Second Speaker: I’ll start on a more positive note. I believe everyone at the FDA, including Dr. King, holds the belief that switching to a lower-risk product is a good thing. Fundamentally, the difference in approach is how we view risk, industry versus agency. Dr. McKen’s point on cessation stood out, highlighted with my colorful pens. The youth issue is a continuing stumbling block, both in terms of flavor issues and products going through the process. Dr. King mentioned the strides made in reducing e-cigarette uptake among kids, but noted the most commonly used product among kids for the past 10 years has been e-cigarettes.

The takeaway from the public health standards comparison to safe and effective versus Dr. King’s lunchtime speech is that the risk defined here is youth uptake. That was another standout in Dr. King’s discussion.

Innovation Discussion:

Second Speaker (continued): What was missing in the discussion was a comprehensive look at innovation. The Tobacco Control Act has two prongs for the center to look at. Feedback from both the largest multinationals and the smallest members of my association indicate a lack of discussion on innovation. This is striking compared to the rest of the world, where innovation is a key part. From dealing with environmental impacts of vapor products to creating products attractive to adult consumers marketed responsibly, innovation is vital. The FDA’s lack of discussion on this is noteworthy.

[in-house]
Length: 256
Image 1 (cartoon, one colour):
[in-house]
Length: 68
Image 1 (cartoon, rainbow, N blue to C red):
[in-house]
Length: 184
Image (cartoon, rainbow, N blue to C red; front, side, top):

Third Speaker: Dr. King noted the 21st Century Cures Act during his discussion on the Five-Year Plan for operational excellence. This act increased pay everywhere at FDA except for the Center for Tobacco Products, particularly the Office of Science, creating massive churn within the office. Advocacy and lobbying are crucial. My organization can’t lobby, but the churn within critical functions due to pay imbalances is significant. Professionals can switch to a different center for 20-30% more pay, which hampers operational excellence.

Fourth Speaker: Thank you for calling me a pro. Not many do that. This is to give you some visual representation of what we’ve been discussing. Can you hear me okay? We’ve heard some new things today, but this is our general reaction to CTP’s overall approach. It’s not a play by play, but half a million Americans die every year from cigarettes.

Visual Representation and Final Remarks:

Fourth Speaker (continued): We’re talking about serious issues, and these visuals highlight our overall reaction to CTP’s stance. This represents our frustration with the current regulatory environment and the need for better tools and consistent guidance to navigate these challenges effectively.